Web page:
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Water, Energy and Climate Change: The Bottom Line – An Interview with Doug Kenney

Bottom Line - Doug int

Doug Kenney WEBThe bottom line is that we’ve designed an electricity system in this country that places the water and energy sectors on a collision course, but it doesn’t have to be that way.

Earlier this summer, the Union of Concerned Scientists released a comprehensive study of the U.S. water/energy/climate nexus, and two Carpe Diem West leaders were struck by the power of its findings.

Under some of the scenarios laid out in the report, water withdrawals for power generation would drop by 97 percent from current levels by 2050, with most of that drop within the next 20 years as outdated, water-intensive technology is replaced with renewables. That would cut carbon emissions 90 percent from current levels, mostly in the near term. An expansion of renewable energy generation would also be a much cheaper path for consumers.

Connecting the dots between energy, water use and planning, and climate change, has long been of interest to our network. Doug Kenney (a research collaborator on the study) shares his take on the importance of the study, and its relevance to the water sector.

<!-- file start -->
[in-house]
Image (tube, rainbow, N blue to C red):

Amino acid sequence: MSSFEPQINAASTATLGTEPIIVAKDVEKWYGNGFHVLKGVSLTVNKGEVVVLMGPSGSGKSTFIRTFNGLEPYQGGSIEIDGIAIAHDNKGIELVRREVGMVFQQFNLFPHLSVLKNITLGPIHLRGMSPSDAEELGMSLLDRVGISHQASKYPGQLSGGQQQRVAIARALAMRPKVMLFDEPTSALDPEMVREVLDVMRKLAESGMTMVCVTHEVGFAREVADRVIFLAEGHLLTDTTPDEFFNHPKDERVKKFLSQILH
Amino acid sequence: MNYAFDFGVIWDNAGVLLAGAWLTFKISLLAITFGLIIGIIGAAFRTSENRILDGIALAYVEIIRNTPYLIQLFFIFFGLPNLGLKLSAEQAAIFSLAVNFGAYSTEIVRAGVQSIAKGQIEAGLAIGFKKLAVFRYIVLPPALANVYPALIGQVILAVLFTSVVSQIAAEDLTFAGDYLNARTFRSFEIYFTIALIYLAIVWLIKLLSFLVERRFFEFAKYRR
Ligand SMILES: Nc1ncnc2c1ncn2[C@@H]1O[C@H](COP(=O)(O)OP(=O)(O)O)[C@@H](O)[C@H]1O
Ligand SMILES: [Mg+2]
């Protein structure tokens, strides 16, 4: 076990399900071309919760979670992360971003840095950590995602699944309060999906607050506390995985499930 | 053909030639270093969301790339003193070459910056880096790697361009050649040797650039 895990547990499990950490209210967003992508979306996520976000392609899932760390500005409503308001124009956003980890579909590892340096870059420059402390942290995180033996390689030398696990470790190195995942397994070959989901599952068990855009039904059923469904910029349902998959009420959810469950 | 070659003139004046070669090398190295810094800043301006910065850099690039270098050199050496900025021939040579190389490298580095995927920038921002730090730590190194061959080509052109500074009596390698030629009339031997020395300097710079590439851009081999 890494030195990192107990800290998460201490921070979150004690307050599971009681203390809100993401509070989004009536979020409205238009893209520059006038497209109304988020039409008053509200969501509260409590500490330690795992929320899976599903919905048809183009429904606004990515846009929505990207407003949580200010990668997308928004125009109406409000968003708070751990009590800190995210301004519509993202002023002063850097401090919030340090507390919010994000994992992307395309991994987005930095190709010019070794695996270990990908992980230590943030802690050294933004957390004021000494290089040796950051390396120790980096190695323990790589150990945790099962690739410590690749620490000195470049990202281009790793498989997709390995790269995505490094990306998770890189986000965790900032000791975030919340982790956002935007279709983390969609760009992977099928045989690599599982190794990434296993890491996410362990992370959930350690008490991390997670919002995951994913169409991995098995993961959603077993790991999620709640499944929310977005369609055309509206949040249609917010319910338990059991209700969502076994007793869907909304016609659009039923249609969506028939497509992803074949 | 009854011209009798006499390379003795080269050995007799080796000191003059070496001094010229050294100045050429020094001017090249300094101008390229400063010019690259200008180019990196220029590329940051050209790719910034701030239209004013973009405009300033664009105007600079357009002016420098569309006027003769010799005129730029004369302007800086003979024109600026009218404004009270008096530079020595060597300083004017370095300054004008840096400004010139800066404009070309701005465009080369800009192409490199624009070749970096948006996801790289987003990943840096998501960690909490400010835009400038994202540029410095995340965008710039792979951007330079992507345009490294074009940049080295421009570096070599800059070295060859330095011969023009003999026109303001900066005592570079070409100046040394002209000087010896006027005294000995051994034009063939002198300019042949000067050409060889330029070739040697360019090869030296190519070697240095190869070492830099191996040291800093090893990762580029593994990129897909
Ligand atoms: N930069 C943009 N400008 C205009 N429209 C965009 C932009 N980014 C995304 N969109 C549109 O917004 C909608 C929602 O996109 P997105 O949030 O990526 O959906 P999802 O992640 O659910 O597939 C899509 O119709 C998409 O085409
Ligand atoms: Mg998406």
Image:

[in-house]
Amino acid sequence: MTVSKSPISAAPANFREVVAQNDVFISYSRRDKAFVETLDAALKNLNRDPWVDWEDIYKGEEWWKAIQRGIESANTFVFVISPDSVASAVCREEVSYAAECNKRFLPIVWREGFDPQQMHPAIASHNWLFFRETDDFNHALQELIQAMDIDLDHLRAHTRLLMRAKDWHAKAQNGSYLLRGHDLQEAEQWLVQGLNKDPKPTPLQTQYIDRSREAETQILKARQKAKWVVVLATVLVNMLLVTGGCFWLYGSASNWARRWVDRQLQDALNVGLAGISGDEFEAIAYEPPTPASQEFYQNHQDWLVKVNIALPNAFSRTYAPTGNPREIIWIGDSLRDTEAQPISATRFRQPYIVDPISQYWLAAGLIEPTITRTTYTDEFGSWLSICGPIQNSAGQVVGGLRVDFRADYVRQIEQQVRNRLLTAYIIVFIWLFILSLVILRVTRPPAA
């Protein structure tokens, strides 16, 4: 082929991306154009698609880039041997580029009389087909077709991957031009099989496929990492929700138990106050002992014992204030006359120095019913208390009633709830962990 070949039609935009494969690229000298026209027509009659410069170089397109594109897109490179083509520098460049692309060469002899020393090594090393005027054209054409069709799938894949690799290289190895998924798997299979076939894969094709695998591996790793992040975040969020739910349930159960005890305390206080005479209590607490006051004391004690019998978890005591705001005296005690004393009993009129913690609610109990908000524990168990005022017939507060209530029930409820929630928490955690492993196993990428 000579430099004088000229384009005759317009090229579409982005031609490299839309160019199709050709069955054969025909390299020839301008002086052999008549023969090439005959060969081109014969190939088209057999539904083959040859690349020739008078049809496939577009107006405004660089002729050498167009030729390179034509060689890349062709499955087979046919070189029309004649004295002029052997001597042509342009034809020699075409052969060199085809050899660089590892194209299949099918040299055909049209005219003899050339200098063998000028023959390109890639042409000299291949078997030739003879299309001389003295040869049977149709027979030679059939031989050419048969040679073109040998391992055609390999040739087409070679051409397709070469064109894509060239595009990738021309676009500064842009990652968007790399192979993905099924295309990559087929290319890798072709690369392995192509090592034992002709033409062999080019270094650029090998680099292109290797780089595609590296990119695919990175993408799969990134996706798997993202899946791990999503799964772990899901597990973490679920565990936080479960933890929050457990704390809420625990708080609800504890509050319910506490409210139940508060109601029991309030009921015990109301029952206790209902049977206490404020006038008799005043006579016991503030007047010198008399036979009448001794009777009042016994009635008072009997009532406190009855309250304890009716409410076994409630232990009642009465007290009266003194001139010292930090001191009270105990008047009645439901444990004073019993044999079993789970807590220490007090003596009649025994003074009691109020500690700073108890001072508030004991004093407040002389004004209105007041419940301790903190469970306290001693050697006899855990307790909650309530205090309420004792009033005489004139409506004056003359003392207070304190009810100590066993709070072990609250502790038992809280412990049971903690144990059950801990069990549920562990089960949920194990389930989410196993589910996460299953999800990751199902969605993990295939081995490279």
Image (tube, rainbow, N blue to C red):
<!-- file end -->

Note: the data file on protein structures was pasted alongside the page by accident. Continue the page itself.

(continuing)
You pick and choose research opportunities every day, what inspired you to work on this study?

The study was motivated by the observation that many of the nation’s power plants are very vulnerable to water shortages and, in some cases, to problems stemming from rising water temperatures. In recent years, many plants that require cooling water have had to temporarily shut down due to a lack of water. Likewise, in regions heavily dependent upon hydroelectric power generation—including much of the western US—reduced streamflows translate directly to reduced energy production, or to a reduced reliability of generation. Part of this is just a function of recent drought conditions, but part of this problem is also reflective of growing competition for water everywhere, and to the fact that the temperature of many waterways has been creeping upward in lockstep with rising air temperatures. The bottom line is that we’ve designed an electricity system in this country that places the water and energy sectors on a collision course, but it doesn’t have to be that way.

The electricity system in the United States is undergoing a rapid transformation, as the role of coal is being sharply reduced, natural gas is booming, new renewable energy technologies are coming online, and so on. Each of these fuels and technologies has different water needs. As government and industry leaders make decisions about which energy generating options to pursue, water needs to be a central part of the discussion. Historically, we haven’t done that, and we are paying the price for that now.

Why should the water community care about which fuels and technologies are used to generate electricity in the future?